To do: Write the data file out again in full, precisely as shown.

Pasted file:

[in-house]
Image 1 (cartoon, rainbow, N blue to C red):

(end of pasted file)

[in-house]
Image 1 (cartoon, rainbow, N blue to C red):